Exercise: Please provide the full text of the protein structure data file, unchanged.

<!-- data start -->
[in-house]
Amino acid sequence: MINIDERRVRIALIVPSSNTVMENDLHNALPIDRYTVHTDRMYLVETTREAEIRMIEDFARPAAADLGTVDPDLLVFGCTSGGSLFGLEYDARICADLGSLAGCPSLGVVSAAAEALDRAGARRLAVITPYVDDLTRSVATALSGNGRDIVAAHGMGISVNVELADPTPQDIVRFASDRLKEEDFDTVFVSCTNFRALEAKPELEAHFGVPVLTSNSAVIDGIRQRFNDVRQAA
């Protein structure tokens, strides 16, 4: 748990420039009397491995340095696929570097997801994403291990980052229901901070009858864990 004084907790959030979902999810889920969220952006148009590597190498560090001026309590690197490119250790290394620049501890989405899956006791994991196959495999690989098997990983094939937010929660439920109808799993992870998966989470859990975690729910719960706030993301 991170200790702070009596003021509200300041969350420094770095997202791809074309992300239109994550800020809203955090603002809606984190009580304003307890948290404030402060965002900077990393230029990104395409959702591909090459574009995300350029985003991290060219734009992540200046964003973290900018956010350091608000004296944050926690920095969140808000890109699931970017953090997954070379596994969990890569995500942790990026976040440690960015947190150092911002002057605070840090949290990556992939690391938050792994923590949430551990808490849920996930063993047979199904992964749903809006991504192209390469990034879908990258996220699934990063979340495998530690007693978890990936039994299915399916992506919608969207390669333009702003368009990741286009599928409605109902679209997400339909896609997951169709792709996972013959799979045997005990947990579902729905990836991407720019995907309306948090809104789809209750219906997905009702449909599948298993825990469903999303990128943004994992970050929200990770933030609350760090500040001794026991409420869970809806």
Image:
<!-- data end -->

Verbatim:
[in-house]
Amino acid sequence: MINIDERRVRIALIVPSSNTVMENDLHNALPIDRYTVHTDRMYLVETTREAEIRMIEDFARPAAADLGTVDPDLLVFGCTSGGSLFGLEYDARICADLGSLAGCPSLGVVSAAAEALDRAGARRLAVITPYVDDLTRSVATALSGNGRDIVAAHGMGISVNVELADPTPQDIVRFASDRLKEEDFDTVFVSCTNFRALEAKPELEAHFGVPVLTSNSAVIDGIRQRFNDVRQAA
């Protein structure tokens, strides 16, 4: 748990420039009397491995340095696929570097997801994403291990980052229901901070009858864990 004084907790959030979902999810889920969220952006148009590597190498560090001026309590690197490119250790290394620049501890989405899956006791994991196959495999690989098997990983094939937010929660439920109808799993992870998966989470859990975690729910719960706030993301 991170200790702070009596003021509200300041969350420094770095997202791809074309992300239109994550800020809203955090603002809606984190009580304003307890948290404030402060965002900077990393230029990104395409959702591909090459574009995300350029985003991290060219734009992540200046964003973290900018956010350091608000004296944050926690920095969140808000890109699931970017953090997954070379596994969990890569995500942790990026976040440690960015947190150092911002002057605070840090949290990556992939690391938050792994923590949430551990808490849920996930063993047979199904992964749903809006991504192209390469990034879908990258996220699934990063979340495998530690007693978890990936039994299915399916992506919608969207390669333009702003368009990741286009599928409605109902679209997400339909896609997951169709792709996972013959799979045997005990947990579902729905990836991407720019995907309306948090809104789809209750219906997905009702449909599948298993825990469903999303990128943004994992970050929200990770933030609350760090500040001794026991409420869970809806």
Image: